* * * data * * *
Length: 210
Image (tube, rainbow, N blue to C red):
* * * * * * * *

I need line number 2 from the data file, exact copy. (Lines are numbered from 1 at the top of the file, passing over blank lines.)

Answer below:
Image (tube, rainbow, N blue to C red):